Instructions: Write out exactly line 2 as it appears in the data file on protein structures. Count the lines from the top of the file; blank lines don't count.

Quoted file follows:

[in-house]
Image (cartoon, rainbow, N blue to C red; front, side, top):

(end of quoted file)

Image (cartoon, rainbow, N blue to C red; front, side, top):